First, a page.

Banned Pesticide Use Increasing At Illegal California Farms

By Benjie Cooper

IG: @nuglifenews

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A rise in the use of dangerous banned pesticides at many illegal marijuana growing sites in California is prompting state and federal authorities to combine efforts to try and gain control of the situation.

Cannabis is legal in California but still federally illegal, though officials say that they will only be targeting unlicensed marijuana operations in California and not legal ones.

The concentrated insecticide, Carbofuran is banned in the United States because of its high toxicity, but it is still used in illegal cultivation. According to Integral Ecology Research Center (IERC) senior ecologist Mourad Gabriel in an interview with Associated Press, a quarter-teaspoon is strong enough to kill a three-hundred pound bear.

Over half of California’s water supply flows through national forests, and IERC research is showing contamination in 40 percent of downstream water samples. Traces of Carbofuran are also showing up in cannabis samples.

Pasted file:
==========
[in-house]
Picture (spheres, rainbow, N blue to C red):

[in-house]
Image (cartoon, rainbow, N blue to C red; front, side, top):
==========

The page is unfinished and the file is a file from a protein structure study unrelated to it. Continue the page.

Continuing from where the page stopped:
“They’re using it, not even for the purpose it was designed to be used for,” said U.S. Attorney McGregor Scott. “They’re using it as a rodenticide instead to kill all the animals. So that’s what’s different; this is a game changer to me.”

According to Scott, cartels are smuggling Carbofuran in from Mexico and trekking it deep into the forest where they clear trees and set up guerrilla cultivation sites. The pesticide is popular because of its potency; less of it needs to be hiked in for the growing season.

“It’s gone to a different level,” says Scott. “And if we don’t reverse the environmental effects of what’s going on here, we’re gonna be reaping that.”

In a Tuesday press conference, officials announced that they would be appropriating $2.5 million in federal funds to combat unlicensed cultivation operations that are threatening California forests and wildlife.